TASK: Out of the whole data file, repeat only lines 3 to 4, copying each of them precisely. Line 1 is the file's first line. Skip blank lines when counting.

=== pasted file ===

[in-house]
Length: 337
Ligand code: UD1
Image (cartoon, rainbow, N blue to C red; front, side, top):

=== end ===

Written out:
Ligand code: UD1
Image (cartoon, rainbow, N blue to C red; front, side, top):